The city of Redding Cannabis FAQ says violators can be fined “up to $1000 per plant/violation.” I asked Willkomm if that “up to” means code enforcement has discretion when setting fine amounts. He noted the fine was previously $100 per plant and then contradicted himself again.
“We have the discretion,” he said. “Everybody that is found moving forward will be fined $1000 per plant. We’re sending a strong message that outdoor cultivation is not allowed and we don’t put up with it. It’s offensive.”
In his email, Willkomm said Code Enforcement cited 34 citizens for outdoor cultivation last year, with fines ranging from $1000 to $46,000. He also said no one complained about Rubin’s grow to code enforcement; he just happened to see it as he was driving by. That’s why he stopped.
On the phone, Willkomm confirmed that he told Rubin he could have been fined $40,000 per day. The total fine would have been $840,000, nearly $1 million.
Rubin said the code enforcement officer wished him well as he left.
Welcome to the New Prohibition
If you thought draconian punishments for cultivating marijuana disappeared with the passage of Prop. 64 in 2016, think again. While the Adult Use of Marijuana Act permits anyone over the age of 21 to grow up to six plants, it also grants counties and municipalities the power to “reasonably regulate” personal outdoor and indoor cultivation.
Although Prop. 64 passed with 57 percent of the vote, a significant portion of California’s medical marijuana community opposed it because they predicted many counties and cities would act quickly to ban outdoor and indoor cultivation under the guise of “reasonable regulation.”
As it turns out, that’s exactly what happened, according to a three-part data-driven series published last year by the Orange County Register.
“Under Prop. 64, cities can ban all outdoor marijuana gardens,” the Register reported. “And our records show that nearly three-quarters of California cities have done so, with 354 out of 482 cities limiting home marijuana grows to inside the house or to an enclosed structure in the yard.”
Make that 355 now that Redding’s joined the outdoor ban club, and like many of those cities, Redding has also placed significant restrictions on indoor cultivation, including ventilation and lighting requirements, building permits and a yet-to-be-determined license fee.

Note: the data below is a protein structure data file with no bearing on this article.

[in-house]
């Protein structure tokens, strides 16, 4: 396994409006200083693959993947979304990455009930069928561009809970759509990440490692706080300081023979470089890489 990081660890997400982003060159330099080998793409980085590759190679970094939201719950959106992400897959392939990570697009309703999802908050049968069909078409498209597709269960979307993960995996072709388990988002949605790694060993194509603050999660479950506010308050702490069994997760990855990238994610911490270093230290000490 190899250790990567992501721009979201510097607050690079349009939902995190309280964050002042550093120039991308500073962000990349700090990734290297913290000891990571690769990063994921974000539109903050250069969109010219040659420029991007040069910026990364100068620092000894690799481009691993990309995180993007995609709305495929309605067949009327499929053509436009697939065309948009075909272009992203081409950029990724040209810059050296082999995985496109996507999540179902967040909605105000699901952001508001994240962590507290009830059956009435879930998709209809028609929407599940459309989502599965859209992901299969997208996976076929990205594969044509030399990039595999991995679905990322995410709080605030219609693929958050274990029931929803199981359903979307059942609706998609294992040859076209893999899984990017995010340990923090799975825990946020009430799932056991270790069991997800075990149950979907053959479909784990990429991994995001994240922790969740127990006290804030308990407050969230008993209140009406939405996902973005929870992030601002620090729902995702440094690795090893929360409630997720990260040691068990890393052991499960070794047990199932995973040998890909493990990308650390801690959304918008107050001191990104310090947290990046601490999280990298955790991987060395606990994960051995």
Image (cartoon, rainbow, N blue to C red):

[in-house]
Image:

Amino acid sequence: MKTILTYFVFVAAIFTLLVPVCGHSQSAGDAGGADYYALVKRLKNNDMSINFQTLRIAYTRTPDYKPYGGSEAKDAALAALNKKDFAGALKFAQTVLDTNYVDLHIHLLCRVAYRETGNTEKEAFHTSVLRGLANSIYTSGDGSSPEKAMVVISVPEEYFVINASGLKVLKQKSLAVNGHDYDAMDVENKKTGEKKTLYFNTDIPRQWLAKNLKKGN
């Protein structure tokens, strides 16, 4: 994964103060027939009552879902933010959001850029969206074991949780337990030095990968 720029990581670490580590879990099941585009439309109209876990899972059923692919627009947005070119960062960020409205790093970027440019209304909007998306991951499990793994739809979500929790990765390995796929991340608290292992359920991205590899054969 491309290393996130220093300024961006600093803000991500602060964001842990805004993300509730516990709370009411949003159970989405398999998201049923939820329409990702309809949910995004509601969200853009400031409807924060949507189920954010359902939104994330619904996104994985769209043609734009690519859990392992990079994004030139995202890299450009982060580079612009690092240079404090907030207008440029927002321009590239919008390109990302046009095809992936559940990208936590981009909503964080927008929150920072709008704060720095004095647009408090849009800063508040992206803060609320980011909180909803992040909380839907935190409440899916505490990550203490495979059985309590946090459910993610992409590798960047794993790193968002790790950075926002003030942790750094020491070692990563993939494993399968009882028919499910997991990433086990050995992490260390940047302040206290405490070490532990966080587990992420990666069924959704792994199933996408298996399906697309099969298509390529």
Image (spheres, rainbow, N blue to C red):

There are essentially two forces driving the bans: fear and greed.
On the one hand, after 80 years of government-sponsored anti-marijuana propaganda, many local officials as well as ordinary citizens remain concerned about public safety should the demon weed be completely unleashed.
On the other, large-scale marijuana businesses and local governments worry they can’t maximize profits and tax revenues if California’s enormous black market isn’t stamped out, and, god forbid, ordinary citizens can grow their own marijuana.
That’s why Redding implemented its outdoor ban and indoor restrictions at the same time it opened the door for a limited number of cannabis retailers and other marijuana-related businesses. If protecting public safety and maximizing profits and tax revenue means trampling on the rights of legitimate medical marijuana patients like Mike Rubin, so be it.
Sitting in a plastic lawn chair in his living room, the soft-spoken Rubin does indeed look trampled upon. The tumors in his neck and shoulders are plainly visible above the low collar of his t-shirt. He claims the elongated lumps are in a reduced state now thanks to cannabis.
“When they get bad, they swell up like a ring of meat around my neck,” he says. “I look like a hunchback.”
Like many medical marijuana patients, Rubin is deeply immersed in the existing medical research on cannabis, most of which takes place outside the United States, since cannabis remains a controlled substance under federal law. He has closely followed the pioneering work of Israeli cannabis researcher Dr. Dedi Meiri and the Czech Republic’s Dr. Ethan Russo.
After seven years of experimenting on himself, Rubin has discovered his Hodgkin’s lymphoma responds best to cannabis strains high in THC. But narrowing down the exact strain that works best has been a chore. The 30 small seedlings he was cited for were his attempt to “shogun it on the strains,” in order to create new hybrids through cross-pollination and save the seeds for next season.
“There have been a lot of ups and downs,” he said. “It correlates directly to what I’m pulling out of the garden.”
After harvest, he converts some of his buds into cannabis oil using the ethanol cold extraction method. He then either smokes the thick, sticky oil with a dab rig or loads it into gelatin capsules to swallow. He also juices raw buds. He figures he consumes about 2 grams of high-THC cannabis per day.